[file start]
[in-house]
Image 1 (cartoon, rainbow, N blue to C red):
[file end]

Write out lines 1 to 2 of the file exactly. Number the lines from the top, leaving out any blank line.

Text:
[in-house]
Image 1 (cartoon, rainbow, N blue to C red):